Meditations On Husayn’s Speech On The Day Of Ashura

Husayn (‘a) addressed the people on the Day of Ashura, saying:

“You have drawn the sword with which we armed you, against us, and ignited the fire we kindled against our enemy and yours, against us. So you have joined hands with the forces of your enemies against your allies, in spite of being aware that they (your enemies) have not established any justice among you, nor do you expect any good from them.”1

This is Husayn’s address to the people on the day of Ashura. It is a strange speech which he gave at that critical hour before they drew their swords on him. This address carries boundless grief on account of those people who drew their swords against the son of the daughter of the Messenger of God, (S). I will talk on a number of points regarding this speech.

1. “You Have Drawn The Sword With Which We Armed You, Against Us.”

With respect to any struggle people fall into three groups: The first and the second are the opposing parties, while the third are mere observers who stay behind without supporting the truth. This group makes up a wide cross section of society.

The first and second groups bear the price of the struggle, that is, hands and heads will have to fall. This equally involves both the contesting parties and is not specific to the party of truth or falsehood. This is the norm of God Most High with regard to contests. God Almighty says:

“If you are suffering they are also suffering like you, but you expect from God what they do not expect.”(4:104).

He also said:

"If a wound afflicts you, a like wound has already afflicted those people; and We make such vicissitudes rotate among mankind...” (3:140).

The party of truth is distinguished in the contest by God’s help and support and the victory He grants them. Indeed God has promised them that. God Most High says:

"If you help God, He will help you and make your feet steady” (47:7).


"God has ordained: ‘I shall surely prevail, I and my apostles.” (58:21).

This is what the believers expect from God when they are engaged in a contest. This expectation assures the hearts of the believers of divine support on the battlefield, a support which will ensure the outcome of the conflict in their favour. The foregoing analysis pertains to the two warring parties. The third group is a very complex one that can easily slip towards the side of falsehood as it is susceptible to enemy influence.

These are the people whom Husayn (‘a) addressed on the day of Ashura. They had sheathed their swords during the times of Ali (‘a) and al-Hasan (‘a). They had abandoned Ali (‘a) in Siffin and after that al-Hasan (‘a) till he had to compromise with Mu’awiya in order to save what remained of his father’s partisans. When these people put down their arms and forsook Ali (‘a) and al-Hasan (‘a), Mu’awiya drew them and after him, on the day of Ashura, Yazid did the same.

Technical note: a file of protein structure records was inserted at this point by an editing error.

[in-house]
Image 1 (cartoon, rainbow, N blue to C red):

They did not lay down arms for long because the field of struggle abhors those sitting on the fence. He who does not side with truth on the field of contest and prefers safety over trouble of battle will undoubtedly side with falsehood very soon. The stand of the defenders of truth is firm and secure, and beyond the reach of the enemy, but those who stand on the fence easily drift towards the enemy side. They are defenseless and within easy reach of the enemy who can allure them to join the bandwagon, or terrorize and force them to side with falsehood.

Because of this, the positions people take on the field of conflict boil down to two: either they stand with truth in terms of loyalty and denouncement or they stand with falsehood in a like manner. These were the people Husayn (‘a) was addressing at Karbala. They had sheathed their swords and betrayed his father and brother before and were drawing them on him in Karbala. So he said to them: ‘You have drawn the sword with which we armed you against us.’

The sword denotes power. Before the advent of Islam, the Arabs were an isolated, weak nation living in the desert with neither power nor wealth. Islam bestowed on them power and wealth, made them bearers of the message of monotheism and conquered the world for them, thus making them lords and rulers over the world. Syria was then the seat of this power, which Islam had brought to the Arabs, and it used it to exercise political and military influence over large parts of Asia and Africa.

To these people, Husayn (‘a) spoke on the day of Ashura at Karbala, saying:

“God has guided you through my grandfather the Messenger of God (S) and, through him, provided you with this vast control that stretches over the earth. He has made you leaders and lords in the world. Therefore, this power and sword is ours although it is now in your hands. However, you have forsaken my father and brother before; you sheathed your swords and abandoned them then. And here you are today drawing the sword, which the Messenger of God (S) placed in your hands, to fight the son of his daughter.

It would have been more becoming of you to have fought Muawiya ibn Abi Sufyan with this sword before, in support of my father and brother, and today, Yazid ibn Mu’awiya in my support ... for they have left the tradition (sunnah) of God’s Messenger and we tried to bring them back to the straight path but they did not return to it.”

2. ‘And You Ignited The Fire Which We Kindled Against Our Enemy And Your Enemy, Against Us.’